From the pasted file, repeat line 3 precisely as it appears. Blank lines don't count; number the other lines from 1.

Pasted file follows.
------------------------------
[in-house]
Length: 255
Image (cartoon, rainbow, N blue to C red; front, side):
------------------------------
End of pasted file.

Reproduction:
Image (cartoon, rainbow, N blue to C red; front, side):